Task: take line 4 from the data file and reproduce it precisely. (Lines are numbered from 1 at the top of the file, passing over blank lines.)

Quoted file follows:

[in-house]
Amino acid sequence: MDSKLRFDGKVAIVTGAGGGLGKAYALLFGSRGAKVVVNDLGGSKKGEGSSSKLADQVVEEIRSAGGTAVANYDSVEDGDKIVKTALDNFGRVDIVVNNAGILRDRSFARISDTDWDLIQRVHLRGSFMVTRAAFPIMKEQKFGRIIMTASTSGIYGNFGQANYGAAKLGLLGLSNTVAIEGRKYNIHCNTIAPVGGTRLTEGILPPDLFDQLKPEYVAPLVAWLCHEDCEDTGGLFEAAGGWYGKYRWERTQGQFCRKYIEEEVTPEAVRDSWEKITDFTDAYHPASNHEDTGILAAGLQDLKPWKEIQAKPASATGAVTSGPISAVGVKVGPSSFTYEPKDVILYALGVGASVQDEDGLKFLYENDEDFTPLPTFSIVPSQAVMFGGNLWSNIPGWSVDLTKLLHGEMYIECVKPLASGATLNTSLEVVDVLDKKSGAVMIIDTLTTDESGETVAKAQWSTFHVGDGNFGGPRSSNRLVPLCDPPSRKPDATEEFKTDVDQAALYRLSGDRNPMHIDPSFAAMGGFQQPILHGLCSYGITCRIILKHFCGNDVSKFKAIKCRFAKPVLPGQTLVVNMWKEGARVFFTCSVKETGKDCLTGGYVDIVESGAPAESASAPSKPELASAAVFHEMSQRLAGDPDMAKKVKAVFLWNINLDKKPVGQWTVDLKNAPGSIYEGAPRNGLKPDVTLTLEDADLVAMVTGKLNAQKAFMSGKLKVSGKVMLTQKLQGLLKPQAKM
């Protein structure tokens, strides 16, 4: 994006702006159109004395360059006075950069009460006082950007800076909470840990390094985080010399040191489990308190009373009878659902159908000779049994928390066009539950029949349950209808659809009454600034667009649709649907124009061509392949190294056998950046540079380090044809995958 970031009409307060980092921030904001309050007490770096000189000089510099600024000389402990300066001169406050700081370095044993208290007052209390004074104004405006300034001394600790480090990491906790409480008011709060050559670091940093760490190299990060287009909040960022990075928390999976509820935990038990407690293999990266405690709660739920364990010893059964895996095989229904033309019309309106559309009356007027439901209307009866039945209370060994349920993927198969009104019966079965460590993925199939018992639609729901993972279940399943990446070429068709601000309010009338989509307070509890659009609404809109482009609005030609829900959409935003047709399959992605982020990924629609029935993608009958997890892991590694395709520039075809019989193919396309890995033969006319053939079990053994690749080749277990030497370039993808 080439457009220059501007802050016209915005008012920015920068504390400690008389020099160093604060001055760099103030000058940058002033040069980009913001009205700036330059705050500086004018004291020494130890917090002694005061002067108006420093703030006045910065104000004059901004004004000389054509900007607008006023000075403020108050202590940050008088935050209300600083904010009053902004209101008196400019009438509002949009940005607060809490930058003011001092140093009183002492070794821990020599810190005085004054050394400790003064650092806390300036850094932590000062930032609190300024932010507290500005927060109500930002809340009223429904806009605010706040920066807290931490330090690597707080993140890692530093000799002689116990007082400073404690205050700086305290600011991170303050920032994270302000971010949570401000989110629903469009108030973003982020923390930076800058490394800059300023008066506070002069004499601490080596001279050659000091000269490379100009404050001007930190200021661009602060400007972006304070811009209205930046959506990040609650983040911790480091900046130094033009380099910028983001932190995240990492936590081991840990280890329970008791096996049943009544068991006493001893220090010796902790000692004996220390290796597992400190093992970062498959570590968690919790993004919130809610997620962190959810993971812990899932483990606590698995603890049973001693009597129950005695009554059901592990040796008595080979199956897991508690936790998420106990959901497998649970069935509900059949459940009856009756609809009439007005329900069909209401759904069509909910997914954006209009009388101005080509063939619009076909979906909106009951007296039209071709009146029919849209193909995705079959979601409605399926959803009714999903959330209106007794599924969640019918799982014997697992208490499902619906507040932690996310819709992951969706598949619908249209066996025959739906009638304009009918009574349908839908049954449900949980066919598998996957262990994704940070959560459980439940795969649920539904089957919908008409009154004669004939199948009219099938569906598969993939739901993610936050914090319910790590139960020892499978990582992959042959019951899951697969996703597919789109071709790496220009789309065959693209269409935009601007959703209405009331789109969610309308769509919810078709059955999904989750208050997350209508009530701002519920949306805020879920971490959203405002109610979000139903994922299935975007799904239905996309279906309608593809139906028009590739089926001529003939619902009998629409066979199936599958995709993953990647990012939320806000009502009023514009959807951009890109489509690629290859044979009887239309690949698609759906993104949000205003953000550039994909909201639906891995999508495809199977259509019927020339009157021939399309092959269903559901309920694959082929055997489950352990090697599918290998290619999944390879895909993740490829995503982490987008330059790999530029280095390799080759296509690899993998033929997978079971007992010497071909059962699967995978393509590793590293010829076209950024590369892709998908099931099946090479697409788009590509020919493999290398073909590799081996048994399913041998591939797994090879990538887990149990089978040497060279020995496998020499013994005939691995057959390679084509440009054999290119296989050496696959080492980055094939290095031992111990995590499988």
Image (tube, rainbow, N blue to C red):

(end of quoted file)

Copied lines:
Image (tube, rainbow, N blue to C red):